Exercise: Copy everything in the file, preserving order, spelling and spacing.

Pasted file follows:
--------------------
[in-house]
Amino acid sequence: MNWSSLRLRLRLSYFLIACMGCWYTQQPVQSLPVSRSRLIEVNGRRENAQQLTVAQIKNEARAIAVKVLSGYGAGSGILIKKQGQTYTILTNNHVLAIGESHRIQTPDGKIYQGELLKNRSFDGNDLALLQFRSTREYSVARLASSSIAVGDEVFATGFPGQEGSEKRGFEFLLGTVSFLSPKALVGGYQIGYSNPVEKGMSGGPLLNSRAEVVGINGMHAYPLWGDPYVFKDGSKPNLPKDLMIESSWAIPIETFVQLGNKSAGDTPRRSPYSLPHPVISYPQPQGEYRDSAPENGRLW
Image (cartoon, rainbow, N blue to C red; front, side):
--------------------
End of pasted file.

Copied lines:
[in-house]
Amino acid sequence: MNWSSLRLRLRLSYFLIACMGCWYTQQPVQSLPVSRSRLIEVNGRRENAQQLTVAQIKNEARAIAVKVLSGYGAGSGILIKKQGQTYTILTNNHVLAIGESHRIQTPDGKIYQGELLKNRSFDGNDLALLQFRSTREYSVARLASSSIAVGDEVFATGFPGQEGSEKRGFEFLLGTVSFLSPKALVGGYQIGYSNPVEKGMSGGPLLNSRAEVVGINGMHAYPLWGDPYVFKDGSKPNLPKDLMIESSWAIPIETFVQLGNKSAGDTPRRSPYSLPHPVISYPQPQGEYRDSAPENGRLW
Image (cartoon, rainbow, N blue to C red; front, side):